Could we agree that encountering power struggles are part of life and work? In any given situation, there’s almost always the challenge of who’s holding the power. But, the true power for honorable leaders is understanding the unique DNA behavior behind a power struggle.
Power struggles are often at the core of my leadership coaching and consulting assignments. To an outside observer they can be very obvious, but when you are in one, you are blinded by the emotions—usually relating to a threatened ego.
“On the surface power struggles are all about being right. Underneath, they are touching emotional sore points that produce strong reactions.” [Tweet This]
Below you can see how emotions and behaviors can quickly spiral out of control. What is not seen is the circular motion cycling like a closed loop of one person’s behavior arousing the other person’s feelings (negative emotions), causing an ever escalating of emotions and behaviors as shown in the example below.
What’s the solution?
How do you avoid power struggles and how do you break them?
1. Recognize what is happening. Most likely you “know you are right” and believe very strongly that the other person is wrong. Check your attitude and energy. What are you thinking and feeling? Can you see that though the other person may be thinking differently, they are likely feeling similar to you? Recognize this is not a winnable battle and in fact the only way to win is to admit you have some responsibility for what is happening.
2. Humble yourself and take ownership for your part. As difficult as it may seem, this is the only way to come out of this battle ahead. When you admit that you are not perfect and that you have made some mistakes—which clearly you have—then the struggle is broken. But don’t be sparing and protective of yourself. Take ownership for everything you can think of that could possibly be your shortcoming or transgression.
Since this is such a common issue in my coaching and consulting work, we usually recommend individual coaching or team training using a behavioral assessment like Leadership Behavior DNA to get a baseline for personal awareness and development. Then, we combine everyone’s scores into a Performance Team Report that clearly reveals the specific differences between team members, how they process, interpret, and contribute to the team.
Changing Up the Power Game
This is where an illustration from judo can be very helpful.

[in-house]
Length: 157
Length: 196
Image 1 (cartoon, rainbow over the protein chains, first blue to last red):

If two people are pushing against each other as hard as they can—as in a power struggle—and one relaxes and steps back, the other person has to do something different or they will fall on their face. When you give it up and take ownership for being “wrong”, the other person cannot disagree with you. Well, actually they can and often do. Once you own your part, you free the other person to own their part and often they will actually disagree with you that it was entirely your fault. Now that’s real judo.
“…no conflict can be solved so long as all parties are convinced they are right. Solution is possible only when at least one party begins to consider how he might be wrong.”** [Tweet This]
The Humble Conclusion
There is great strength in understanding the unique behaviors in a power struggle. Do you have the courage and confidence needed to be humble and truly understand the other person? And what is your experience with power struggles? Please share your comments below.
**Source: The Arbinger Institute, The Anatomy of Peace: Resolving the Heart of Conflict
Making Teams Better with Leadership Behavior DNA
This recent endorsement from one of our Leadership Behavior DNA clients says it all –
“Our executive team experienced significant growth in this training, resulting in a new level of trust and communications that exceeded our expectations. I’m thrilled to say we have become a more cohesive team that enjoys working together.” – Gerald Long, President, Georgia Farm Bureau
Ready to explore your options to personal and team dynamics? Contact an LBDNA Representative for a customized quote.